Finding new ways to photograph existing subjects is always a challenge and when you revisit regular events several years in a row, it becomes increasingly difficult to find a new ‘angle‘ for a story. So with the Berryden Sheep Dog Trials on once again this year, I was really pondering what I could do that was different from last year and the year before. Ironically, several weekends prior prior to the trials, we were asked to baby sit a neighbour’s 13 week old Border Collie pup, which we of course were quite happy to do. After a weekend of experiencing a small, four-legged, hurricane around the house and two completely worn out Labradors, there was a surreal stillness that followed when she went home. Though she did pop up at our front gate later that day (not unexpected) and had to be escorted back home.
This of course gave me an idea and so for this year’s Berryden Sheep Dog Trials, I decided to see what I could do to show the dogs that are brought to this event and the numerous other ones held throughout Victoria and Australia. The dogs really are the stars of these trials, sort of like the X-Factor contestants of the animal world, with their owners acting as coaches. Some perform well, while others require a lot more training, and others try hard but the talent is simply not there. Though Border Collies tend to dominate, there are other breeds as well, with Kelpies being the second most popular. Transport varies considerably but, all in all, I suspect that the contestants are generally happy no matter what the mode.
While some of the contestants reside within their vehicles, others find temporary homes within the sheds on the property, sharing space with old tractors and whatnot. It’s probably not a bad place to be, as it’s out of the wind and rain (which seems to be prevalent each time the trials are on), but that also means that they can’t hear or see how the other contestants are going. So there’s not much else to do but sleep, stretch on occasion and wonder at the passing parade of people, dogs and the occasional photographer.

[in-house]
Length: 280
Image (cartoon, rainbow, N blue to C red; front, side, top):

Then there’s also a sort of sin-bin (from what I was told at last year’s event) for the rowdier lot, or perhaps those that are somewhat skittish around the other contestants. I only managed to get a few shots before the closest one decided that I was not welcome and began a barking session that would wake the dead. Well, it woke who I think was the owner, who was slumbering nearby in a tent and made it clear to the dog that silence is golden. Since the little one was going barking mad, I thought it best to amble on and allow things to settle down. No use making a nuisance of oneself.
And when it comes to letting sleeping dogs lie, there was plenty of that to go around. Wherever I looked, there were snoozing dogs everywhere. Maybe they’d already done their trials and needed some rest or were just getting some beauty sleep for when it came their turn. Most were so deep into their slumber that they didn’t even notice me, expect for the odd one, who quickly fell back to what they were doing when they noticed that I wasn’t going to provide them with anything of interest.
Those that were closer to the action and could at least hear what was going on, if not actually see, were generally the most alert. Their heads were always turning about listening to what was happening in the hidden field, clearly thinking that that’s where they’d prefer to be. That’s at least the way that it appeared, as every time certain sounds and calls could be heard from the paddock afar, heads would turn and they’d begin to shuffle about. Again, I was mostly ignored, with only one or two taking some momentary interest in what I was doing.
Those that were somewhat within eyesight of the action were the most alert, especially if they could see others moving about, stretching their legs, or waiting for their turn to shine. I’m not sure if these ones were the happiest or the most frustrated of the contestants, but there was certainly one very happy contestant displaying the biggest grin off the field when I wanted to take a photograph. Honestly, I couldn’t have staged such a candid shot if I’d tried.
I’m kind of glad that I took the opportunity to go early on the Saturday, as later that afternoon it bucketed rain and the next day was somewhat awash as well. In fact the last few years have been fairly wet when the trials have been run, so I was kind of expecting this anyway (even though I’m always suspect of weather forecasts). Anyway, after seeing so many snoozing dogs this morning, it reminded me of that afternoon when Bella and our two Labradors finally snoozed off, maybe dreaming of things that could be and things that might have been.
I have to say that covering the ‘dogs of the day’ simply confirmed how gentle and obedient they are, even though some may bark a tad. It’s a comforting feeling when you’re wandering about an area with so many dogs (though dogs are my best friends) and there’s nothing but an atmosphere of calm, despite the fact that the dogs are all here to do some contesting (which this year I decided not to cover).